The Centre for Marine Simulation will undertake a Modeling/Simulation
of Harsh Environments project to provide workers in Newfoundland’s
offshore with the necessary skills to ensure safety and
efficiency in oil and gas operations in harsh maritime environments.
Led by Capt. Anthony Patterson of Memorial’s Marine
Institute, the centre will develop ice management tools
focused on reducing human error at sea. The project aims
to better understand human performance in ice-invested environments
and to develop training tools to improve worker performance.
It incorporates three independent activities: simulation
infrastructure, model development and human factors studies.
H Memorial University’s Botanical Garden will undertake
a project named Plant Atlantic to establish a home-based
production industry for Atlantic Canadian hardy ornamental
plants. The project will employ biotechnological methodologies
such as tissue culture and micro-propagation along with
classic hybridization, plant exploration and selection in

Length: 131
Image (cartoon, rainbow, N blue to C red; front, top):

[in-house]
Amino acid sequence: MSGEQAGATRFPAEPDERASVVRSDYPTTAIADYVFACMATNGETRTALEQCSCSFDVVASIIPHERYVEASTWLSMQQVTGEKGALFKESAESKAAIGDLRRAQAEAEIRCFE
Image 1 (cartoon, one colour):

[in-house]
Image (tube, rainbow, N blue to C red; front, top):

the discovery of new ornamental plants. Industry partners
will then commercially produce and market them to the local,
national and international markets. The project is led by
Dr. Wilf Nicholls, director of the Botanical Garden.
H RAVEN – Remote Aerial Vehicles for Environmental
monitoring, a project of Memorial’s Instrumentation,
Control & Automation Centre (INCA), proposes to develop
a maritime surveillance system utilizing unmanned aerial
vehicles (UAVs). The project would utilize commercially
available UAVs, and develop flight management and target
tracking systems. Specifically, INCA will develop a Mission
Management System required for control and communications;
modify a marine Automatic Identification System to perform
ship tracking and develop an Autonomous Guidance System
for identifying and tracking objects such as icebergs. Civilian
applications of UAVs are a new research area for Canada
and is just beginning to emerge worldwide, with a concentration
at universities. Dr. Siu O’Young, Faculty of Engineering
and Applied Science is the lead investigator.
H Memorial University’s Faculty of Medicine and School